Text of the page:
Beyond Red Delicious, Galas, Fujis, Granny Smiths, and the handful of other apple varieties on grocery store shelves this fall, there are more than one thousand apple varieties grown by heirloom orchardists and backyard gardeners in the United States.
Api Etoile, a star-shaped variety from Switzerland, and Apricot—you guessed it, an apricot-flavored apple—are just two examples of the diversity that’s out there. With so many varieties to choose from, it’s helpful to have a way to classify them so you know which to pick if you’re making cider or a pie—or want to fatten your hogs.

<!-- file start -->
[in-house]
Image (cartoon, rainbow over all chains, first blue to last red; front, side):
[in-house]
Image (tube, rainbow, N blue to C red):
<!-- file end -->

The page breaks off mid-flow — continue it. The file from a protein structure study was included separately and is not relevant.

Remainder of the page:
If you’re planning to plant apple trees, there are also technical details that make the difference between a successful planting and a fruitless one. Most apple varieties, for example, require pollination by another variety—not just any variety, but one whose flowers open during the same week or two in spring. Rootstock, chill hours, and fruit spurs also come into play. No idea what those terms mean? It’s all spelled out here.
Read the guide on Modern Farmer.